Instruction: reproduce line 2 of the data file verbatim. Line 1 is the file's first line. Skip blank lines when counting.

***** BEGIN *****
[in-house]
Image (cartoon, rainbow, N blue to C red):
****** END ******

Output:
Image (cartoon, rainbow, N blue to C red):